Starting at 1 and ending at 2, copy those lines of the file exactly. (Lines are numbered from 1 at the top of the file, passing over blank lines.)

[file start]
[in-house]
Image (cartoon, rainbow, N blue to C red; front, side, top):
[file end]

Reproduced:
[in-house]
Image (cartoon, rainbow, N blue to C red; front, side, top):